British comic actors Simon Pegg
and Nick Frost have made a pretty impressive career creating what
Frost once described to me as "love letters to the genre."
Together the two have worked on
several projects together (mostly with director Edgar Wright) which
have been comic looks at romantic comedy (the BBC series Spaced),
horror films (Shaun of the Dead), action adventure (Hot
Fuzz) and science fiction (Paul).
The secret to Pegg, Frost and
Wright's success is simple: the filmmakers are paying comic tribute
to the genres, not parodying or patronizing to the source material
and their audiences.
The group's uncanny ability to
make serious examples of the movie styles, and still make them
seriously funny, has lifted the guys to a certain cult heroism.
In 2005, when Shaun of the Dead became a shock hit, the two
actors (and their writer/director friend) became a comic force to be
Even apart, the two actors have
been incredibly busy in recent years. Pegg has starred in the
Star Trek movies, the Mission: Impossible movies and
stuff like How to Lose Friends and Run Fatboy Run.
Frost has had parts in such diverse films as Pirate Radio, Kinky
Boots, Penelope and Attack the Block.
Their latest film together is
The World's End, in which a group of old friends are doing a pub
crawl in their old hometown, only to realize that the entire town
has been taken over by intergalactic robots and that they are facing
the end of the world. The new film is the final part of the
team's loose trilogy (Frost fondly called it "the Blood and Ice
Cream trilogy" to me in 2007) which started with Shaun and
continued with Hot Fuzz.
A week before The World's End
had its US premiere, we met up with Pegg and Frost at the
Waldorf Astoria Hotel to discuss the latest flavor in the Cornetto
was hearing that the whole idea behind
The World's End goes back to a pub crawl that was when you guys
was Edgar. That was before we met Edgar. He was a little itinerant
youth in Western England, in Somerset. He [later] wrote a script
called Crawl about a bunch of teenagers doing a pub crawl.
Pretty much the first three or four minutes of this film – of a kind
of glorious night of hedonism and abandon. [He] never did anything
with it. When we were starting to think of what we would do with
our follow-up to Hot Fuzz, Edgar kept mentioning this.
(to Nick Frost) He had for a few years, hadn't he? He brought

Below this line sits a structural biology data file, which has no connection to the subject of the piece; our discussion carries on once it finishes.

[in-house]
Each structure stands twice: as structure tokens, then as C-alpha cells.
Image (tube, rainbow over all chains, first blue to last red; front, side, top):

it up a couple of times.
You guys went away and tried to...
Edgar and I went down to the West Country. Hired a cottage. We
were really, really indulgent. Hired a nice Mercedes. To write.
We went down there for a week to write and wrote not a sentence.
You should have hired a computer.
we should have hired a computer. We didn't do anything. Just drove
around with the top down listening to the Jon Spencer Blues
Is this your
normal creative process?
Listen, I mean, I'm sure... (pauses, then sheepishly) No.
Not really. It was just fun to be with a mate. (to Simon Pegg)
But then while we were down there, you joined us and we tried
the pub crawl again, the one that Edgar had aborted when he was like
19. I think he did six pubs when he was 19. With us, I think we
did four. He's a terrible drinker. You do a pub crawl with Edgar
and by pub four he is literally out. It's ten to eight, what are we
going to do now for the rest of the night?
We had to carry him home.
have to carry him home.
This was when Shaun of the Dead was new. Wasn't it before
Hot Fuzz was done?
Yeah, it was. Then, when we came to think about the next
film, we decided wouldn't it be interesting to look at going back to
your hometown and that weird sense of detachment you get when you go
home? You sense that odd combination of familiarity and
alienation. Then we thought wouldn't it be funny if we gave a very
concrete reason for that hard to identify feeling and that concrete
reason being an alien invasion. The notion of alienation is taken
to it's literal extreme. That fit in quite nicely with Edgar's pub
crawl idea so we kind of combined the whole thing and it came
about. We had the idea in 2007, but we didn't write it until 2011
because we went off and did Paul and Edgar did Scott
Pilgrim. And, I don't think we could have written it in 2007.
I don't think our life experience was completely full, in terms of
what we needed to do to write this film. So I'm glad we waited.
Also, a good idea is a good idea. Unless it's topical, then you if
you wait five years you'll ruin it. You can just write it down.
It's still there. Five years later you go: that's still a good
idea. Let's use that idea.
Your character finds out that the world is ending and he wants to finish
the pub crawl. If the world was ending, what would be the thing
you'd most want to do?
I'd just want to hug my daughter and my wife. (laughs) I
think Gary's problem is that he's an alcoholic. That's the most
important thing in his life. I think the thing you want to do when
you know the world is ending is get as quickly as you can to the
most important thing in your life.
I have advanced exit strategy for a number of different apocalypse
scenarios. As a human as a species it's very rare that you'll
actually just sit and have a cuddle and wait for it to hit you. I
think you'd try anything you can. I have a lovely big cellar, so